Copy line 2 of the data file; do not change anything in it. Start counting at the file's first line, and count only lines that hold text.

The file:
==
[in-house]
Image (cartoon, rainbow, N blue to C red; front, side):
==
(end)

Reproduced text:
Image (cartoon, rainbow, N blue to C red; front, side):